Jessica Pierce

Jessica Pierce, Ph.D., Advisor

Jessica Pierce, Ph.D.Jessica Pierce is a bioethicist and writer. She has written extensively and broadly within the field of bioethics, beginning with an early interest in the interconnections between health care systems, environmental degradation, and health (The Ethics of Environmentally Sustainable Health Care). She helped nurture environmental bioethics into a recognized (though still marginalized) field of discourse within medical ethics. Over the past decade, her work has increasingly turned toward our relationship with animals. Her 2009 book Wild Justice: The Moral Lives of Animals, written in collaboration with cognitive ethologist Marc Bekoff, builds a scientific case that nonhuman animals exhibit a broad range of prosocial behaviors, including empathy, cooperation, fairness.

Her 2012 book, The Last Walk: Reflections on Our Pets at the Ends of Their Lives, explores end-of-life care, dying, and euthanasia in the lives of our companion animals, weaving analysis together with a journal chronicling the decline and death of her beloved dog Odysseus. (She first discovered Eric Greene and the Green Pet-Burial Society during her research for The Last Walk, and was relieved to find mindfulness about the environmental and psychosocial implications of pet burial practices and products.)  Her newest book (forthcoming in early 2015) is entitled Run, Spot, Run: Confessions of a (Reformed) Pet Addict, and makes the case that the keeping of pets is, at best, morally ambiguous and, at worst, a moral nightmare. (Her interest in Family Spirals™ is deepening as she researches for Run Spot Run, exploring the vast literature in Human-Animal Bond studies  and considering the ambiguous place of animals within human families and communities). In all of her work, she questions some of the common tropes of human-animal interaction and challenges prevailing social attitudes and practices related to animals.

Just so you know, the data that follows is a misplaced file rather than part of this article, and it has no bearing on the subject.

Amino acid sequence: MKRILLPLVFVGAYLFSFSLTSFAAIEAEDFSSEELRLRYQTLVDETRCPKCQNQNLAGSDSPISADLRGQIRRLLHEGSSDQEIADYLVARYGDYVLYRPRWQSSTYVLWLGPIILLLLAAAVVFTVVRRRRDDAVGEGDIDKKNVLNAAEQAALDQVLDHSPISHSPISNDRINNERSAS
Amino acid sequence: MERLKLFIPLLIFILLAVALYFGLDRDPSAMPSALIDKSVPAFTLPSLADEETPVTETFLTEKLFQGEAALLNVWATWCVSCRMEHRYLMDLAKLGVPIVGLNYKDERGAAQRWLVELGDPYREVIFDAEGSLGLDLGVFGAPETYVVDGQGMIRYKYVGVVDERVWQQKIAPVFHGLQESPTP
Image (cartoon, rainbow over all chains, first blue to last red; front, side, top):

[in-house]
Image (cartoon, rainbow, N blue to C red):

Jessica is Faculty Associate at the Center for Bioethics and Humanities, Anschutz Medical Campus of the University of Colorado. She holds a Master of Divinity (Harvard University) and a PhD in religious ethics (University of Virginia). She lives in a small mountain town in Colorado, with her husband, daughter, pointer mix, funny-looking and feisty rescue pup, and, she asserts, the coolest cat in the world. Jessica’s website is Follow her blog, “All Dogs Go To Heaven” on the Psychology Today website.

updated January 5, 2014

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